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One-man band tailors blues for Iowa crowds
Marcia Poole, Journal staff writer /Sioux City Journal May, 1996
Iowans are warming up to the blues, says Midwestern musician Patrick Hazell.
Not long ago, most listeners identified anything with "blues" only as part of "bluegrass."
Thanks to a growing presence at summer music
festivals and night clubs and on public radio, blues is
moving into Iowans' listening repertoire.
Hazell will give Siouxlanders an opportunity
to hear his take on the blues when he appears from 7 to 10
p.m. Sunday at Mary J. Treglia Community House, 900 Jennings St.
The Washington, Iowa, resident believes
most Iowans aren't ready for a full concert of straight-ahead
blues. So he'll likely mix rhythm and blues standards with some of his original compositions for an
evening of listening and dancing.
Hazell's mode of delivery, however, will
be uniquely his own - a kind of one-man band with vocals. In all,
he plays electric piano, organ, bass drum and harmonica. He's used the format since 1983 when he
launched a career as a solo performer. Before that, he played piano in a three-piece band in Burlington,
Iowa. The musician moved through the '70s and early '80s with the Mother Blues Band in Iowa City.
Going solo has allowed Hazell to "stretch and develop" a style that began to take root in childhood.
Largely self-taught, Hazell began performing
when he played trumpet in his school band when he was in
fifth and sixth grades. "They taught me some stuff that helped. But I really didn't get into it until I started
playing piano." He taught himself to play boogie-woogie piano at 11.
Though he was heavily influenced in childhood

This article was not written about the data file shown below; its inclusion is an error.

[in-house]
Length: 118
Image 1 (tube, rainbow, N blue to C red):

and adolescence by big band jazz and blues of the late
'30s through the '50s, he also was drawn to classical music. His interest was sparked by a recording of a
live Arthur Rubinstein concert at Carnegie Hall - a gift from his mother. The first time Hazell heard the
master, he was hooked.
"Rubinstein played Prokofiev, Debussy
and Ravel on that record. I fell in love with classical music
heard him and I've been a huge fan ever since."
Jazz and blues also came by way of recordings.
His older brother's collection introduced him to Sonny
Terry, Nina Simone, Miles Davis, Art Blakey and John Coltrane. Kansas City boogie-woogie music of
Pete Johnson and the bop-rock of saxophonist Red Prysock became burning interests.
"I feel fortunate that I grew up when
I did. I was outside the influence of rock music - a kind of music
that I find tremendously limiting, if not downright boring. Unfortunately, rock is the only experience of
most people I run into."
A breadth of experience fueled Hazell's
musical growth. As a youngster, he began listening to Gregorian
Chant, and music of North Africa, the Middle East, India and the Orient. Avant garde composers, such as
John Cage and Karlheinz Stockhausen, also caught his imagination. At his Methodist Church, he heard
Baroque compositions played by a 20-piece orchestra, accompanied by a pipe organ.
"Like blues and boogie, much of the
Baroque seemed like a set of understood forms that Bach and
Handel could jam on," says Hazell.
Even today, he says he cannot walk down
a street without hearing those forms and melodies swirling in
Absorbed in the richness musical variety,
Hazell began composing. Improvisation came naturally and
proved to be his favorite form of artistic expression. Rather than replicating something he heard, he was
moved to create something new - something of his own making. Hazell's concerts reflect that love of
spontaniety and freshness.